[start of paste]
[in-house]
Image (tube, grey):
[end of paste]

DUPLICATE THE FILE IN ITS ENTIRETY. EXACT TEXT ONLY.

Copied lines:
[in-house]
Image (tube, grey):